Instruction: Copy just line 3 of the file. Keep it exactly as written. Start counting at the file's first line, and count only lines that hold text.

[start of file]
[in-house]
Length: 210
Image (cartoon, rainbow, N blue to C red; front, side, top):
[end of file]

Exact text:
Image (cartoon, rainbow, N blue to C red; front, side, top):